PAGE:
Reports Are That Canada Not Happy With C-130J Maintenance Costs

Last Updated Sep 11, 2009 5:41 AM EDT

It is being reported that the Canadian Government is unhappy with the amount being quoted by Lockheed Martin to provide contract logistics support (CLS) for a new fleet of C-130J transports. Seventeen of the aircraft were bought in early 2008 to provide support to the troops in Afghanistan as well as conduct internal missions. Normally as part of the procurement contract a support contract would also have been let. Lockheed had promised that a great deal of the cost of the aircraft would be offset by this maintenance contract.

The support contract was set for negotiation after the aircraft had already been purchased. The government estimate for this contract was in the realm of $1.7 billion over twenty years. Unfortunately it has turned out the the prices currently being quoted are over this. There is also concerns that not enough of the work will go to Canadian companies.

Lockheed is obligated to offset some of the cost of the procurement in Canada. The original intent was that this would be directly related to the aircraft. This could have been parts of the aircraft for manufacturing or support after they enter service or maintenance activities. When Lockheed felt that this was too hard the government changed it to just be investment in other Canadian companies and economic activities. This idea has caused Canadian companies to feel slighted as they had hoped to have a role in the production of the C-130J.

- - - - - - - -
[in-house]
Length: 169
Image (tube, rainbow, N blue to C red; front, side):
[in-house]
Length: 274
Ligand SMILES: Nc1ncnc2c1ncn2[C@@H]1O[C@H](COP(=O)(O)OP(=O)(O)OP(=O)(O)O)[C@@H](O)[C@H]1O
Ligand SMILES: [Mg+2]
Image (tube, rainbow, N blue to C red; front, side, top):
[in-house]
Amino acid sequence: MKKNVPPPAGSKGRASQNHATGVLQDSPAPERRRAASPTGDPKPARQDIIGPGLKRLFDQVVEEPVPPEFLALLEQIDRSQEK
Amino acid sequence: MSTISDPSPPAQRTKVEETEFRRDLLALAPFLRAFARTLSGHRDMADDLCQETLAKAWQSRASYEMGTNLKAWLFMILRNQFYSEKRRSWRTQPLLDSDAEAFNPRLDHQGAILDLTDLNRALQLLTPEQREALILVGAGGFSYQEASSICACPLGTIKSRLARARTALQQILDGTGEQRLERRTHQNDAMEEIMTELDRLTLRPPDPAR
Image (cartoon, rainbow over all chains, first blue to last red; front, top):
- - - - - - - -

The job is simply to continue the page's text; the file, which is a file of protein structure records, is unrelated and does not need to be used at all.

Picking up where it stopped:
The Canadian government is going to have to come to some sort of support contract for the aircraft. It does not have the resources right now to provide organic support so some CLS will be needed. Depending how the contract is negotiated it may end up limiting how much the aircraft can be used and how they are used. There really should be no limits on this as they are vitally important to conducting combat operations in Afghanistan.

If there is no support available then the aircraft will just sit at some base. This is obviously an unacceptable situation although it has happened in the past that new equipment could not be used due to shortages of parts or safety reasons. If this were to happen it would be a major embarrassment to Canada. One would assume that Lockheed Martin would also be motivated to get to a price that is affordable to the user so that it could maximize its revenue from the sale.

  • Matthew Potter

    Matthew Potter is a resident of Huntsville, Ala., where he works supporting U.S. Army aviation programs. After serving in the U.S. Navy, he began work as a defense contractor in Washington D.C. specializing in program management and budget development and execution. In the last 15 years Matthew has worked for several companies, large and small, involved in all aspects of government contracting and procurement. He holds two degrees in history as well as studying at the Defense Acquisition University. He has written for Seeking Alpha and at his own website, DefenseProcurementNews.com.